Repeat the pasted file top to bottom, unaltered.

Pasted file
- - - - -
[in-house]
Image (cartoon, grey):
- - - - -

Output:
[in-house]
Image (cartoon, grey):